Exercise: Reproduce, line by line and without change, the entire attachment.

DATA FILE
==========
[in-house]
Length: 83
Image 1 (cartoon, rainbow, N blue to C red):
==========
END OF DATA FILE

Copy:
[in-house]
Length: 83
Image 1 (cartoon, rainbow, N blue to C red):